“Alien” Sexuality: Race, Maternity, and Citizenship by Cisneros

Natalie Cisneros writes about the controversy surrounding “alien” sexuality. She talks about the views that different people have on citizenship, maternity, and reproduction. When an immigrant woman is in the United States and she is pregnant, she receives help from the government to be able to be taken care of by medical doctors. This is because the child, who will potentially be born, will be a United States citizen. The question raised is whether or not a soon to become mother should receive this assistance if she is not a citizen herself. The reason why they receive this help is because they are the molds who hold these future citizens, and that is more important than if they are citizens themselves.

Cisnero discusses that, “the era of the fetus-as-person has made the maternal body increasingly vulnerable; in discourses that posit fetuses as citizens deserving of the state’s protection, women’s bodies are constituted both as instrumental (for the production of citizens) and responsible (for their ‘health’ or ‘contamination’)” (Cisneros, 6). It should not be that a woman with the worries and stress of being pregnant should be attacked with whether or not they should receive the kind of help that they need as human beings. To say that a woman is responsible for their health or contamination leaves the government out of the picture. Being that the United States goes into different countries to try and help, these women in their own country should be helped as well. Seeing the pregnancy as a plan to stay in the country makes me really sad to hear. Most women that are pregnant decide to have their kids in the United States so the child could have the possibility of having a better life, mothers tend to be selfless, but the government seems to always attack the weakest. Do you see “anchor babies” as a problem? Why or why not?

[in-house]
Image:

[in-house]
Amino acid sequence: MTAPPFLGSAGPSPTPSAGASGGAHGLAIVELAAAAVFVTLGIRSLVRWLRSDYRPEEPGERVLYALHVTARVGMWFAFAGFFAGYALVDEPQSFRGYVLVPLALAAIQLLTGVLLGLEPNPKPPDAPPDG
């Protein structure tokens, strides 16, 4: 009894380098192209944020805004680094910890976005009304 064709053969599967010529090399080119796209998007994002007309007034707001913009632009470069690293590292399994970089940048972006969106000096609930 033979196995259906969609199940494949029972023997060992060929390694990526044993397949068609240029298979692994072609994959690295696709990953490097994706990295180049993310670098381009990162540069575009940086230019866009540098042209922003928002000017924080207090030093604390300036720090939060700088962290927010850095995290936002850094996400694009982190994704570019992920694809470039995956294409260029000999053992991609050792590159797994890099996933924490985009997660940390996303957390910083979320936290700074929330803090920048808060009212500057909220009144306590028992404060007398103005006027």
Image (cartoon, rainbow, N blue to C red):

Cisnero also discusses reproduction and connects it to “anchor babies” as well. She mentions that, “in the context of the emergence of discourse surrounding ‘anchor babies’ and the threat of ‘invasion’ or ‘infestation’ posed by “alien” reproduction, the ‘birthright’ citizenship guaranteed under the Fourteenth Amendment has again been called into question”  (Cisneros, 13). This is a sentence that tries to justify the scare that some people have. But to say that kids of immigrant parents are an “invasion” or “infestation” is terrible, due to the fact that a judgement is applied on an innocent child that has not even arrived on this planet yet. What do you think that a change of the Fourteenth Amendment would do to this country?


Similarly to Curry Todd’s comment about pregnant illegal immigrants multiplying like rats, Representative Todd Akins said that rape was legitimate. Legitimate rape would mean that the bodies of those girls who were raped would not be able to conceive a baby because the body could reject a pregnancy from happening. This belief was also not valid to a lot of people and was seen rather insulting just like the comparison to multiplying rats. Do you find this ad to work? Why or why not?